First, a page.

Using Core-outs to Reduce the Weight of Plastic Parts

What’s a Core-out?

Core-outs are sections of a plastic part where a thick section of solid material has been replaced by square, rectangle, or hexagonal sections. This effectively replaces that solid material with empty voids surrounded by walls and ribs of uniform thickness. The core-outs themselves are usually placed on non-cosmetic surfaces, with the open areas facing down (like the underside of a handle) so that you don’t inadvertently create cubbies for dirt, dust, fluids or other unwanted material.

Carefully removing sections of a solid object is not an idea specific to injection molding of plastic parts. For example, many 3D printers (and their associated modeling software) have options for “sparse fill”: using a honeycomb or other structure with plenty of hollow space in places that would normally have solid material. In fused deposition modeling (FDM) 3D printers—where objects are built up layer by layer through extruding molten plastic through a small nozzle—this drastically shortens the amount of time need to print an object and reduces the amount of filament consumed during the print.

Sparse fill in 3D printing, however is different from core-outs in injection molded parts in one critical aspect: volumes which are sparse filled are fully enclosed and thus those internal voids are not visible from the outside nor subject to having outside material enter them. Core-outs always have one open side, a necessity due to the fact that the part needs to be releasable from the mold. As we discuss later on, this feature of core-outs has practical implications.

This same idea is behind the steel I-beam’s “I” shape, where the chief advantage is much lower weight compared to a solid beam of steel, while preserving almost all the beam’s strength. Like sparse fill in 3D printing, the I-beam’s shape allows a fixed amount of steel to make more I-beams compared to a solid steal beam, due to the subtracted volume.

Why Put in Core-Outs?

The main advantage of putting core-outs in injection molding parts is lower part weight, just like in those I-beams. Secondary advantages include reduced cycle time and reduced part price. The price reduction on each part means that in high-volume production runs, the extra time (and thus cost) needed to design in core-outs into a part is more than returned, especially if that work is already mostly done for you by your contract manufacturer as part of a DFM analysis.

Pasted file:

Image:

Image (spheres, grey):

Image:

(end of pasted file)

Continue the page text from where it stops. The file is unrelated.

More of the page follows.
Core-outs can also be used to avoid sink marks (also called shrink marks) which can arise in areas of a part which are very thick. Although usually a minor cosmetic issue if they occur on a customer-visible surface, sink marks can be a functional problem if the surface they’re on needs to be flat (e.g. some liquid might pool in the depression instead of running off).

There are other ways to address these above issues without core-outs, such as splitting the part into two or more separate pieces, switching to a different material which is more forgiving with thick walls, using gas-assistance molding, or even just adjusting the injection molding condition. The problem with almost all of these is that they’re more costly and time-consuming than hollowing out a few areas using core-outs.

When to put in Core-outs?

Core-outs are added to a part during the design phase, usually with input from the injection molding contract manufacturer, as we mentioned earlier. Although your contract manufacturer may offer good suggestions for the location and dimensions of possible core-outs, it’s ultimately up to you to make sure your part still has the necessary strength and rigidity to do its job. Also, remember that your injection molding contract manufacturer is basing their recommendations on the only context that really matters to them: the individual part. The location and dimensions of possible core-outs must not interfere with the form, fit or function of that part when it’s assembled into the final product and used by the customer.  In medical and food preparation settings, objects with exposed cavities where food or other contaminants can gather can become a health and safety risk. In those special cases, one of the above alternatives to core-outs (such as switching the material to Nylon which can tolerate thicker walls without sink marks) might be your best bet.

Coring-out sections of your injection molded part can reduce it’s weight, cycle time, and cost without degrading its form, fit or function. To realize all these benefits, however, you must keep the full picture in mind as you work closely with your contract manufacturer on core-outs and any other design changes intended to make your part more manufacturable.

Providence Enterprise, with it’s large in-house engineering staff, is able to assist you with core-outs or any other manufacturing hurdles. Learn more at


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